As time has passed, I have learned to try not to predict Aidan’s future and realised that most of my worries really are not about Aidan at all; they stem from societal attitudes towards disability.

Will he be supported? Will he be treated fairly? Will he be valued equally? No mother should have to face these concerns, but this is something I must deal with every day, because of the law and the clear message it sends to me about my son.

We live in a society that proclaims that we want to empower those with disabilities, and that regardless of your background, you deserve a fair and equal chance at life.

This law, which allows abortion up until birth, is outdated, and we can do so much better than this.

I want my children to grow up knowing that we truly are all equally valued, regardless of ability status.

My reason for bringing this joint legal action to try and change the law is simple; as a mother, I will do everything in my power to make sure my child is treated fairly and equally. My reason is Aidan.

In response to Ms Lea-Wilson’s piece, the Department of Health and Social Care, and The British Pregnancy Advisory Service provided these statements:

The Department of Health and Social Care
The decision to end what is usually a wanted pregnancy can be extremely difficult and painful. Counselling is available at all stages of the screening pathway to support people as they come to terms with this extremely important decision.

Regardless of how an abnormality is detected or suspected, a woman has to be given time to understand the nature and severity of the condition so they are able to reach an informed decision about how to proceed – and whether to continue with the pregnancy or seek a termination. Arrangements should be made for the woman to see an expert who has knowledge about the abnormality and the options available.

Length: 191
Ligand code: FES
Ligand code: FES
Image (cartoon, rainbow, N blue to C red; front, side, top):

At no stage should there be a bias towards abortion. All staff involved in the care of a woman or couple facing a possible termination of pregnancy must adopt a nondirective, non-judgemental and supportive approach. It is important that if anyone receives information they feel to be biased or in any way inappropriate that they raise this within the service or hospital concerned.

The British Pregnancy Advisory Service
The nature and implications of some conditions in pregnancy may not be properly understood until after 24 weeks, and this is why the law gives women and their doctors time to reach informed decisions in what are often the most heartbreaking of circumstances.

Introducing a time limit for non-fatal conditions – but ones which may have profound and life limiting consequences for a child – will mean some women will be forced to make a choice about ending a pregnancy before they hit a sharp cut-off and eliminates the opportunity for ongoing monitoring, assessment and understanding before a decision is made.

These are intensely personal, difficult decisions which a small number of women and their families will sadly have to make each year: no woman should ever feel pressured to end a pregnancy after a diagnosis has been made but neither should she ever be forced to continue one when she knows it is not right to do so.